The Role of Mindfulness in Borderline Personality Disorder Features

Psychology Department, John Jay College of Criminal Justice/City University of New York, New York, NY 10019, USA.
The Journal of nervous and mental disease (Impact Factor: 1.69). 10/2009; 197(10):766-71. DOI: 10.1097/NMD.0b013e3181b97343
Source: PubMed


This study investigated whether deficits in mindfulness (attention, awareness, and acceptance of the present moment) underlie variability in borderline personality disorder (BPD) features and related impairments in interpersonal functioning, impulsivity, and emotion regulation. A path analytic approach was used to examine the relationships of trait mindfulness with BPD features, interpersonal effectiveness, impulsive and passive emotion-regulation, and neuroticism in a psychiatric sample of adults (N = 70). As hypothesized, mindfulness was associated inversely with BPD features and core areas of dysfunction, and these associations continued when controlling for neuroticism. Furthermore, mindfulness deficits continued to predict BPD features even when interpersonal effectiveness, passive and impulsive emotion-regulation, and neuroticism were controlled. These findings suggest that mindfulness may be a unique predictor for the expression of BPD pathology. An emphasis on mindfulness may thus be crucial in enhancing the formulation and treatment of BPD.

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Available from: Seth R Axelrod
    • "As compared to other individuals, BPD patients tend to experience higher rates of negative emotions, show greater reactivity when they occur, and greater affective instability (Rosenthal et al., 2008); they also experience higher rates of anhedonia – an inability to experience positive affect (Marissen, Arnold, & Franken, 2012).These differences in emotional experience and reactivity appear to be related to patterns of avoidance, suppression, and distraction. BPD patients avoid or suppress negative emotions (Beblo et al., 2013;Conklin, Bradley, & Westen, 2006), positive emotions (Beblo et al., 2013;Jacob, Ower, & Buchholz, 2013), and difficult thoughts (Chapman, Specht, & Cellucci, 2005;Tuna & Bozo, 2014;Wupperman, Neumann, Whitman, & Axelrod, 2009). In other words, they display broad patterns of experiential avoidance (EA): avoiding or suppressing a range of private experiences (i.e., thoughts, memories) even when doing so interferes with valued actions (Hayes, Wilson, Gifford, Follette, & Strosahl, 1996). "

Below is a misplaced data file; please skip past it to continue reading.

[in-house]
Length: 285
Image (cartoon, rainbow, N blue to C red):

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    • "Of note is that the relationship of BPD features to mindfulness is likely not stagnant; instead, BPD features and mindfulness likely have reciprocal effects over time. Thus, deficits in the ability to experience and tolerate current emotions/thoughts/sensations may lead to increased BPD features (as proposed in Wupperman et al., 2009), and the intense negative affect and lability of BPD features may lead to additional difficulties experiencing and tolerating current emotions/thoughts/sensations (which may lead to increased dysregulated behaviors, as would be consistent with the current findings). The evaluation of such a model is beyond the scope of this study. "
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    ABSTRACT: Objectives: The current preliminary study investigated whether deficits in mindfulness (awareness, attentiveness, and acceptance of the present experience) may underlie the relationship of borderline personality disorder (BPD) features to self-injury and overall acts of harmful dysregulated behavior. Method: Nonparametric bootstrapping procedures were used to examine theoretical relationships among variables in a psychiatric sample of adults (N = 70). Participants were asked to imagine themselves in distress-inducing situations and then write what they would actually do to decrease distress in such situations. Results: As hypothesized, mindfulness statistically mediated the relationship of BPD features to reported acts of (a) self-injury and (b) overall harmful dysregulated behaviors. Conclusions: Difficulties in the ability to be aware, attentive, and accepting of ongoing experience may play a role in the relationship of BPD features to harmful dysregulated behaviors. Future research should clarify potential reciprocal effects between BPD features and mindfulness with prospective, multioccasion designs.
    Full-text · Article · Sep 2013 · Journal of Clinical Psychology
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    • "We interpreted the results to represent an effortful but insufficient attempt to control intense emotions in patients with BPD. BPD symptoms have also been found to be associated with a decreased acceptance of current experiences in a psychiatric sample (Wupperman et al., 2009), and an acceptance-based "
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    ABSTRACT: Patients with Borderline Personality Disorder (BPD) show evidence of disturbed emotion regulation. In particular, patients may try to suppress their emotions with possibly negative effects on mental health. We investigated the suppression of both negative and positive emotions in BPD patients and healthy participants. Thirty BPD patients and 30 matched healthy controls were assessed for emotion suppression using the Emotion Acceptance Questionnaire (EAQ). In addition, we administered additional questionnaires to validate emotion suppression findings. BPD patients reported increased attempts to suppress both negative and positive emotions. These findings indicate that BPD patients are not simply acting out negative emotions. Therapeutic approaches that focus on emotion acceptance of emotions are supported by our study data. Apart from negative emotions, treatment programs should consider positive emotions as well.
    Full-text · Article · Jul 2013
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